“The main essence of what they are interested in is how their own lives are going, and their lives are going pretty well.”
Mr Carpenter is able to rattle off WA’s impressive economic statistics with ease – an economic growth rate that hit 14 per cent, unemployment at “unimaginably low” levels and private business investment at record levels.
He said the government’s main role was to maximise the opportunities flowing from the resources boom, and on that score he gives himself a tick of approval.
“I reckon the reason we are still getting strong support in the community is that they know, they can see we have got a good long term agenda and it’s paying off.”
When asked about his relationship with the state’s business community, Mr Carpenter said he’d be disappointed if it was not a good relationship.
“I hope they see me as someone who is interested in furthering the state’s economy, and someone they can respect and deal with openly and honestly; but I don’t know, I don’t run surveys on it,” he said.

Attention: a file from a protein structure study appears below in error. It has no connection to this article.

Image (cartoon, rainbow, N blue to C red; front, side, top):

The premier was surprised by the findings of this week’s Chamber of Commerce and Industry of WA survey, which reported a consistent deterioration in support for the state government.
The CCI survey gave the government a tick for economic management and capital works but was critical of its performance in 14 other key business areas, including red tape, education training, and tax reform.
Perhaps of most concern is the fact that this survey shows the government’s relationship with business has been deteriorating since Labor took office.
Mr Carpenter said he “runs a discount” through most surveys and opinion polls to filter out the predictable findings.